If your patients are vitamin D deficient, there’s a good chance they may be more susceptible to dry eye, a new study in Eye & Contact Lens reports.

 In an effort to investigate tear film function in patients with vitamin D deficiency, a team of Turkish researchers evaluated 60 eyes of 30 patients who had vitamin D deficiency and a comparable number of healthy individuals. The doctors evaluated the patients through the Ocular Surface Disease Index (OSDI) questionnaire, Schirmer I test, tear osmolarity, tear break-up time (TBUT) and a scoring of ocular surface fluorescein staining using a modified Oxford scale.  

Researchers noted tear osmolarity, OSDI and Oxford scale scores were significantly higher in the vitamin D deficient group compared with the healthy group. The study also found Schirmer I test and TBUT results in the vitamin deficient group were significantly lower  compared with the healthy eyes.

TestVitamin D Deficient SubjectsHealthy Controls
Tear osmolarity309±9 mOsm/L297±10 mOsm/L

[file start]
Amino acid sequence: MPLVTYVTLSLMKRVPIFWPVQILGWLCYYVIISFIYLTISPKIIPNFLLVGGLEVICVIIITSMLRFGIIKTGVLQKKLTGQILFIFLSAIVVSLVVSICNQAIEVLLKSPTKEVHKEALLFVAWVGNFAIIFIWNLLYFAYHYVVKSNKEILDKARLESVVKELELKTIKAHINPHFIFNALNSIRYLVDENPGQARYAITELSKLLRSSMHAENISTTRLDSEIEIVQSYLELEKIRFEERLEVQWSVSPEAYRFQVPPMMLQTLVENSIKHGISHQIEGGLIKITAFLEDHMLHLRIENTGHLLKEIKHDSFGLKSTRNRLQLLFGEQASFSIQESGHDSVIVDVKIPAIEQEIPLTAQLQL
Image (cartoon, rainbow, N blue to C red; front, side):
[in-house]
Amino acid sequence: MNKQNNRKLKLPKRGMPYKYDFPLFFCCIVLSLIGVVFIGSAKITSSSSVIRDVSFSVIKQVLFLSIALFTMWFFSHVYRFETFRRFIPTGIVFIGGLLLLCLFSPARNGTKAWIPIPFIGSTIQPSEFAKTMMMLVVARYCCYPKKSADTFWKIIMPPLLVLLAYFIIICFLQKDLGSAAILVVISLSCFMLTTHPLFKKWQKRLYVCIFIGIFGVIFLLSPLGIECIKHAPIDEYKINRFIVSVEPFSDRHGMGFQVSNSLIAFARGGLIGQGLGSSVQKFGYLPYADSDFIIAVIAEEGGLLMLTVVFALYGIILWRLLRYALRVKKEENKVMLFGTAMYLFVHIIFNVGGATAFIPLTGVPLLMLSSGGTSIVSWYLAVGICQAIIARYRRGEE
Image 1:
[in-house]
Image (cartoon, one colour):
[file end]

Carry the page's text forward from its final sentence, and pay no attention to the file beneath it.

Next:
Oxford scale1.3±0.90.4±0.8
Schirmer I8.5±3.7 mm 16.6±2.4
TBUT8.7±0.6 sec18.1±0.5


“This study demonstrates that vitamin D deficiency is associated with tear hyperosmolarity and tear film dysfunction. Patients with vitamin D deficiency may be prone to dry eye,” the investigators wrote in their paper.

Since there is no pathognomonic sign to distinguish dry eye with vitamin D deficiency by slit lamp alone, patients with vitamin D deficiency should be further evaluated if they have syndromes causing dry eye. Equally, dry eye patients should be tested for vitamin D deficiency, the investigators suggested.

Demirci G, Karaman Erdur S, Ozsutcu M, et al. Dry eye assessment in patients with vitamin D deficiency. Eye & Contact Lens. 2018 Sep;44 Suppl 1:S62-65.